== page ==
Child tax credits: what are they and how do they work?
Caring for a child is expensive, and in a time when many are already struggling financially, extra help can make a huge difference. Thankfully, monetary support is available to parents through child tax credits. Here’s what you need to do to get the financial help you might be entitled to.
What are child tax credits?
How do child tax credits work?
In 2021, child tax credits were expanded and paid to taxpaying parents monthly.
If a parent’s tax returns had been filed for one of the previous two years, they would automatically get their tax relief (in the form of their CTC) without having to sign up for anything or fill anything in.
Changes were made, and these changes kept 3.7 million children out of poverty:
Recipients got $3,600 for each child under age 6, instead of $2,000
Recipients got $3,000 for each child aged 6 to 16, instead of $2,000
In previous plans, low-income families did not get the same amount; however, under the 2021 American Rescue Plan, all families in need received the same
For families to receive help quickly, the IRS began sending monthly payments
Recipients received the remainder of the credit when filing their taxes for the following year
Unfortunately for parents who saw the benefits of these changes, the expanded CTC from 2021 wasn’t carried over in the 2022 Inflation Reduction Act.
As it stands, the total CTC amount per child under the age of 17 is once again $2,000, but efforts are being made by expanded CTC campaigners to change the situation.
How to qualify for child tax credits
New parents in the US often wonder, “Do we qualify for child tax credits?”
When looking at who’s eligible for child tax credits, you’ll find that nearly all families with kids qualify, though there are some limitations.
In fact, even when CTC was expanded in 2021, there were limitations. (The additional amounts were only available to couples making less than $150,000 annually and single parents making less than $112,500 annually.)
To claim child tax credit in 2022, parents will need to have a child under the age of 17 at the end of the current year and an income of less than $200,000 for single-parent households or less than $400,000 for parents filing jointly.
For every $1,000 earned over the above thresholds, the credit amount will be reduced by $50. (This also applies to excess amounts below $1,000. An excess of $100, for example, would cause a reduction of $5.)
How can I apply for child tax credit?
If you’re researching how to apply for child tax credits, your first stop should be the IRS website.
Now that the 2021 expansion no longer applies to child tax credits and they aren’t automatically awarded, forms must be filled out to request a CTC.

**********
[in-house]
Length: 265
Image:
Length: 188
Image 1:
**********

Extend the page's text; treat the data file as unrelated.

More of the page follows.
These forms are Schedule 8812 and Form 1040 (U.S. Individual Income Tax Return), and both are available from the site mentioned above.
You can apply online. When clicking on Form 1040, you will be directed to a page that offers a general guide on what schedules will need to be filed.
The schedule choices are Schedule 1, Schedule 2 and Schedule 3.
Schedule 1 is for people with an additional income and any deductions to claim.
Schedule 2 is for people who owe other taxes or need to make an excess advance premium tax credit repayment.
Schedule 3 is for people who want to request any credit that wasn’t claimed on form 1040 or 1040-SR or for people who have other payments (an amount paid with a request for an extension to file, for example).
How much is child tax credit?
The answer to this question will depend on your family’s financial circumstances, the number of children you have, and whether your household is single-parent or not.
The maximum monthly value of a CTC, excluding the expansions of 2021, which might be passed again and might not be, is $2,000.
Let’s answer some more commonly asked questions about child tax credits:
What time are child tax credits deposited? – IRS child tax credits are usually deposited every four weeks, around the 15th of the month.
How many child tax credits will I get? – You can claim a CTC for each child you care for, up to a value of $2,000 per child. Earning thresholds apply so that families with the most need can access the most financial support. Some families will be eligible for “Additional Child Tax Credit,” and others won’t.
How long does child tax credit last? – For most people, child tax credits will come to an end when a child turns 17 years old. Individual cases might differ, so it’s always worth double-checking.
If you found this article useful, you might also find our article on energy tax credits informative, too.
Kate has written for leading publications and blue chip companies over the last 20 years.